Berardo Hernández – better known as Manzanita – first surfaced during the psychedelic Cumbia craze. At the head of the scene were the magnificent Los Destellos, whose leader, Enrique Delgado, was such a six-string wizard that other guitarists found it impossible to escape his shadow. But then Manzanita arrived with his electric criollo style, sent shockwaves through Lima’s music scene and posed a serious threat to Delgado’s dominance as king of the Peruvian guitar.
Manzanita had come to Lima from the coastal city of Trujillo, five hundred miles up the coast – a place where Spanish, African and indigenous populations had been living and making music together for centuries – and came of age at a time when the first wave of psychedelic rock from the US and UK was starting to sweep the airwaves. But the sounds of Cream and Hendrix disappeared from the radio just as quickly in 1968 when Juan Velasco seized control of the country in a military coup. The new regime, which favoured local traditions over cultural ‘imports’ from the north, was a blessing in disguise for the Peruvian music scene.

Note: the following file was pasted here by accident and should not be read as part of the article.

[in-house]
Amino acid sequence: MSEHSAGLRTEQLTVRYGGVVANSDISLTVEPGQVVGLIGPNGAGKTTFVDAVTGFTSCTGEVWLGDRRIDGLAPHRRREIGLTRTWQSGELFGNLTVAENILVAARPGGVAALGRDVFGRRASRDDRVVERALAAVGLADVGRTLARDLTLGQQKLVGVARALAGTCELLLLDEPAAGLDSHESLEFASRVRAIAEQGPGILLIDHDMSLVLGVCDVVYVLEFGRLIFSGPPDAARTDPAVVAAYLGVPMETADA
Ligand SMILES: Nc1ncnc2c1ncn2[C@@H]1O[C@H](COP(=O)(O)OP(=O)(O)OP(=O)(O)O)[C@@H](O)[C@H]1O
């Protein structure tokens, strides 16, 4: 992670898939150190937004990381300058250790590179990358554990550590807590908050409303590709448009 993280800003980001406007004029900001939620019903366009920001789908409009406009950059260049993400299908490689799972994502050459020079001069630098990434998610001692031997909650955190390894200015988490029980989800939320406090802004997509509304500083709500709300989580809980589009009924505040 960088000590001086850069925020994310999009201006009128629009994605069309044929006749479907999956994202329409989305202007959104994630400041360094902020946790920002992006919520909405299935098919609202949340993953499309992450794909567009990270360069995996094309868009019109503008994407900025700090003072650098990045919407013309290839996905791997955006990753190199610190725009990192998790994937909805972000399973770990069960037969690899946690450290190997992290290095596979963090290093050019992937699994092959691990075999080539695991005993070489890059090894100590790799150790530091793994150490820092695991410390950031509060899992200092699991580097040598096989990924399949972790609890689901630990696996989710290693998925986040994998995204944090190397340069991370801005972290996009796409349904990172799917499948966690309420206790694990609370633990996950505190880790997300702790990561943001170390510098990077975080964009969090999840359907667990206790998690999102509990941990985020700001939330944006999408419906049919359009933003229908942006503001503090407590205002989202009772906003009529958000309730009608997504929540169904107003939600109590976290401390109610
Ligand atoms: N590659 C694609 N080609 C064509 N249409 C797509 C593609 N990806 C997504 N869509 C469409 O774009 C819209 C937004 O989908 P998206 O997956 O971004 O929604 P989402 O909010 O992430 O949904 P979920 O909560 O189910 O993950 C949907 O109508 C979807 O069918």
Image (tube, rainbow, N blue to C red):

Record labels flourished as new bands, raised on a hybrid diet of electric guitars and Cuban rhythms, rushed in to fill the vacuum created by the lack of imported rock. A new genre, known as Peruvian cumbia, was born and Manzanita quickly became one of its most original voices.
Starting in 1969, Manzanita y Su Conjunto released a steady stream of singles that used Cuban guaracha rhythms as the foundation for dazzling electric guitar lines. After countless 45s and several years on the touring circuit, the band signed to Virrey, an important Peruvian label, and recorded two LPs acknowledged as masterpieces among aficionados of tropical music. Most of the songs on Analog Africa’s new compilation Manzanita y Su Conjunto are drawn from those legendary sessions of 1973 and 74.
Although he scored a few more hits in the later 70s, his dissatisfaction with the music industry caused him to withdraw from the scene for several years; and when he finally retired for good, the golden age of Peruvian cumbia was a distant memory. But when Manzanita was at the top of his game he had few equals. Victor Zela was right: this is some of the best music ever recorded in Perú.